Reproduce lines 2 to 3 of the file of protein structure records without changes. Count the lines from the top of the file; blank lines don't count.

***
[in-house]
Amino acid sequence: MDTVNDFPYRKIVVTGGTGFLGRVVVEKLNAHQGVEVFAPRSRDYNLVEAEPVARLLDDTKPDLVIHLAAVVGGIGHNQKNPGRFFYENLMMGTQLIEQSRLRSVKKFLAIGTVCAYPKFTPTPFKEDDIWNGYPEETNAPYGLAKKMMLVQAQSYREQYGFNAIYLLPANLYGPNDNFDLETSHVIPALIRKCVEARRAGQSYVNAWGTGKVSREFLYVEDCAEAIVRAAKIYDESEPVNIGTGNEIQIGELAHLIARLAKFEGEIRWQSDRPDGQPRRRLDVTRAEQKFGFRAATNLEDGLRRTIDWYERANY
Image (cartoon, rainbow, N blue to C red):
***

Amino acid sequence: MDTVNDFPYRKIVVTGGTGFLGRVVVEKLNAHQGVEVFAPRSRDYNLVEAEPVARLLDDTKPDLVIHLAAVVGGIGHNQKNPGRFFYENLMMGTQLIEQSRLRSVKKFLAIGTVCAYPKFTPTPFKEDDIWNGYPEETNAPYGLAKKMMLVQAQSYREQYGFNAIYLLPANLYGPNDNFDLETSHVIPALIRKCVEARRAGQSYVNAWGTGKVSREFLYVEDCAEAIVRAAKIYDESEPVNIGTGNEIQIGELAHLIARLAKFEGEIRWQSDRPDGQPRRRLDVTRAEQKFGFRAATNLEDGLRRTIDWYERANY
Image (cartoon, rainbow, N blue to C red):